by Steve Paul Johnson, September 15, 1999
With access to the Internet, people
today are publishing creative works more than ever. Genealogy
websites are springing up everywhere. Can copyright protection
extend to genealogical information?
Lately I have noticed much discussion about copyright protection
for genealogical information. Someone creates a website of
their family history, publishes on the Internet, and someone else
"steals" the information and publishes it on their website.
People get upset after spending so many months and years to collect
and validate the information, and then many hours to create the
webpages, only to have someone take the information and publish
I can certainly understand the frustration. But what protections
do the copyright laws provide? Well, there's a lot of protection,
but only for specific things.
In general, copyright protection extends to "original works".
That is, anything you create, is automatically protected as soon
as you complete the work, and present the work in a fixed format.
A "fixed format" is anything that presents the work in
physical form. That is, if you create a work, but is stored
only in your brain, it is not protected.
The operative word in the above paragraph is "original".
If it does not already exist, it is original. If you create
a work that is derived from an existing work, it is not original,
and you'd be violating someone else's copyright protection.
For example, if you published your own sequel to Star Wars, you'd
be violating George Lucas's copyright.
Copyright protection does not extend to factual information.
You cannot publish a fact, and then claim copyright protection of
that fact. This is because facts are not "original"
works. No one creates a fact. It occurs and exists on
its own. It is public information. For example, the
fact that one plus one equals two is not an original work.
The fact that the United States declared its independence in 1776
is not an original work. The fact that Elvis Presley died
in 1977 is not an original work.
However, any book that I write which contains these facts is protected.
That is, the "book" is protected, not the "facts".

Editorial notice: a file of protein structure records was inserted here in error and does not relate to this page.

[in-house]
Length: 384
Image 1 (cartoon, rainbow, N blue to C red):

The book is the original work, which includes the layout of the
book, the format of the pages, and any thoughts I write down.
The presentation of the facts is protected, but not the facts themselves.
Genealogical information is factual information, and is not protected
under copyright law. My birthdate is factual information.
The burial location of my grandfather is factual information.
The maiden name of my grandmother is factual information.
If I created a webpage that contained these facts, and nothing more,
only the webpage is protected. Not the facts. If I added
any additional writings, ideas, comments, or anything else I create,
they would be protected, but not the facts.
The United States Copyright Laws are codified under Title 17 of
the United States Code. Chapter 1, section 102 defines what
is and what is not protected:
Subject matter of copyright: In general
protection subsists, in accordance with this title, in original
works of authorship fixed in any tangible medium of expression,
now known or later developed, from which they can be perceived,
reproduced, or otherwise communicated, either directly or with
the aid of a machine or device. Works of authorship include the
(2) musical works, including any accompanying words;
(3) dramatic works, including any accompanying music;
(4) pantomimes and choreographic works;
(5) pictorial, graphic, and sculptural works;
(6) motion pictures and other audiovisual works;
(7) sound recordings; and
(8) architectural works.12
(b) In no
case does copyright protection for an original work of authorship